4) Since these Judeo Christian countries of the west are the richest, there is a huge market in selling Christian targeted books of all kinds. Books are not published unless the publisher believes that there is money to be made. It is simple as that. Publishers do not print books out of the goodness of their heart or out of higher principles of merit. If apologetic texts can be sold and writers and publishers can profit from the selling of these books then these books will be commissioned. It is very simple economics. If there is (potential) demand supply is created to match.
5) Further, your ‘research’ fails to take into account two very important facets:
a. Apologetics may not be the colloquial term used in other religions. Just because you understand and use this word as part of your Christian newspeak doesn’t mean that every religion uses the same terminology
b. English is not the language of choice for many of these eastern religions that you searched. I suspect that you will find much better results if you did a search in Sanskrit or Arabic.
6) Many of the older eastern religions have evolved and adapted to maintain their relevancy even as the world of science has eroded the edges of mysticism. Some have called this evolution a secularization of religion. In Indian culture, Hinduism is understood as a cultural identity and an integral component of a persons’ ethos (pardon the anachronism). These religions do not feel the need to defend their beliefs and practices nor do they feel the need to habitually ignore empirical evidence (unlike some fundagelicals). Sure there are extremists and fundamentalists of all these religions, but they are by far in the minority.
7) There is a subtle premise in your observation that does have merit. That premise is that Christianity, especially the evangelical right, feels threatened by the advances of science and pluralism and therefore need to defend their position.


I have two further ancillary thoughts:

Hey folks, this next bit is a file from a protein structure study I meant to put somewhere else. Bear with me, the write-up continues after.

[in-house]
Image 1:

A) As the globe becomes smaller and smaller, all religions must evolve and adapt in order to survive and live shoulder to shoulder with others of different religious traditions. Therefore you have two options: a) beat the other religions down with a stick to prove the superiority of your particular religion or b) evolve your religion to learn such that mutual coexistence is possible, respected and valued.

Unfortunately, I think it is highly unlikely that Christianity or Islam or any religion will ever hold the monopoly on this planet. So if you hold option a) then you are guaranteeing that our species will always be at the throat of each other trying to prove we are right and they are wrong. In fact, name one war in the last 100 years that was not _fueled_ by religion. (not started – fueled). I don’t think you will be able to. Therefore option a) leaves you with a very fucked up world and a world where the only end game is belittle, demoralize, blow up, and destroy, whether physically, emotionally or psychologically, anyone who does not agree with your particular religion (and sect of religion).

B) Secondly, I want to remind you that you are of the religion you are because of the environment you grew up in. If you had grown up in India you would most likely be Hindu. If you had grown up in Lebanon you would be Muslim. If you had been brought up in India, you'd be a Hindu. If you had been brought up in Denmark in the time of the Vikings you would likely believe in Wotan and Thor. Likewise if you had grown up in Central Africa you'd believe in the great Juju of the sea.

You have a hard proposition when you claim to be the only correct religion (and the only correct sect of your religion, I might add). What if you are wrong? What if you are wrong about the great Juju under the sea?

Anyway, I’ve prattled on long enough. I will close by answering the question you posed directly: Why are no other world religions worried about attempting to have a rational defense of its religious system. There are two reasons. First, many religions do not see a difference between culture and religion – they are fused and inseparable. This is why there are many atheist Jews who still attend temple and observe the feasts. These Jews do not observe their religion out of a sense of duty or believe but because it is part of their identity and a part of their culture. Therefore there is no reason to rationally defend their religion because it is not about truth but about identity.

Secondly, many religions see themselves as a state of being and are content to live with the apparent contradiction of coexistence of other religions. Either you are Hindu or you are not. There is no need to convert you if you are not.

/colin

9:45 PM

 
Blogger Craver VII said...

If I may borrow armchair's humorous jab, I think they're still all just a bunch of "crack heads."

Whatever their language or culture, or whatever... it only adds up to a sorry bunch of excuses that cannot justify rejecting the Christ--the only one who is absolutely true.

10:25 AM

 
Blogger The Armchair Theologian said...

And now for MY LONGEST COMMENT EVER! BEHOLD:

***********************************

Well Colin, (Hendry or Bendell?) I thought you had gone the way of the Buffalo...and then you show up with a flaming loincloth! Wowzer!